I graduated from college five years ago this May, and as I see young people that I knew when they were just toddlers go to college, I’ve been thinking about the person I was at age 18 and what I learned in those four years at school.
I would never, ever say that I did college well, that I had the perfect, idyllic college experience; but it did teach me a lot about who I was, what I was capable of handling, and what kind of life I wanted to live as an adult. It placed people in my path who taught me about different ways of life, of living, of being. It taught me that I didn’t have all the answers, and that I probably never would.
College is a turbulent time, when you’re simultaneously having the time of your life and absolutely terrified about the future.
It can bring with it some of the highest highs and the lowest lows. It can feel like both everything matters too much and nothing matters at all.
The most important thing to walk into college with is an open mind and an open heart, but remember these five things, too:
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There’s More To College Than Grades…
I spent a lot of time and emotional energy in college worrying about my grades, trying to make summa cum laude, trying to get published, trying to do everything and do it well, that it eventually took a huge toll on my mental health. I turned down lot of chances to do fun things with my friends just so I could, like, sleep on the weekends and retreat into myself.
In my later years, when I was writing my thesis and prepping for my senior show, I was barely, barely holding it together. Just bombing one assignment or having a professor express disappointment could send me into an explosive tailspin.
My point here is, your grades are important; I’m not telling you to ignore your coursework and skip class and never study. What I am telling you is that your grades are not a direct reflection of your worth. One 3.0 won’t ruin your GPA or make you unemployable. Don’t sweat it so much.
But You’ll Never Have This Chance Again
Unless you go on to graduate school or get a PhD or do another kind of post-graduate program, you’ll never again be in a structured environment where you’re encouraged to just…learn and explore and be passionate about things? And even in those programs, you won’t have the chance to explore outside your declared major with the safety net of classes of like-minded and supportive peers.
Relish this. Revel in it. If you have the space in your schedule, take a class that interests you just for the hell of it. Some of the coolest classes I took were outside of my major, and they sparked interests that I never, ever would have nurtured or integrated into my creative practices.
This is especially, especially true about being around peer groups.
The thing I miss the most about college is my workshop classes where folks were constantly looking at my art and writing and providing key feedback or fresh perspectives. That constant stream of feedback and collaboration made my work so much better, and while a work environment is very similar, especially in a creative role, its not the same as just chilling in the studio with your friends while painting or setting type.
Nothing Is Forever
College can be some of the best years of your life, but it can also be some of the worst.
A lot of shit ish can go down: you can develop some devastatingly bad habits, you can get into toxic or abusive relationships, your mental health can change. You can fail out. Someone in your family could get sick, or die.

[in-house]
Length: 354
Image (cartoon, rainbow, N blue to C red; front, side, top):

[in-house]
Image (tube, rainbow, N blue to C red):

The likelihood of you having to ride out some tough times, some dark times, is high.
It may be the first time you’re plunged into the darkness; it may be the first time you’ve had to navigate it without your family at your back, or it may be the first time you’ve been in an environment that enables your destructive tendencies, rather than your nurturing ones. It’s hard; I won’t lie. It’s so hard that you may feel like you’ll never be happy or normal again.
But you will, for the most part. The clouds will break, you’ll learn, you’ll develop new and good habits, you’ll walk away from the people who aren’t good for you, you’ll get the help you need.
It may take some time, longer than you think, but nothing is forever; not how you’re feeling, not what’s happening to you, not what universe throws at you. Nothing is forever. You’ll get through it.
This is the first time in your life that you’re able to create the life that you want, outside of the structure of the life your family has created for you. It can feel, at first, like this is your time to go wild, and it is — go wild, for a little while. Eat ice cream for dinner. Get absolutely slammed on wine coolers. Try the things you’ve always wanted to try.
But, the habits you form over the next four years will follow you into your adult life, whether that’s meticulously planning your schedule every week or eating your feelings in front of Love Island when you go through a breakup.
Pay attention to how your habits make you feel, and do your best to create new ones, good ones, while you have the freedom and ease to do so.
As crazy as it sounds, and for how out-of-your-mind busy you feel when you’re in college, it will only get harder the older you get, when you’re working a 9 to 5 or continuing your education or starting a family.
Start the good habits now. Start the life-building now. You won’t regret it.
It’s over so fast. Savor it. Make friends. Take photos. Have inside jokes. Learn a thing or two. Try something new. Expand your horizons. Blow your own mind. Enjoy it while you have it.
What do you think?
What life lessons did you learn in college? Which did wish you knew when starting college? Let me know in the comments below?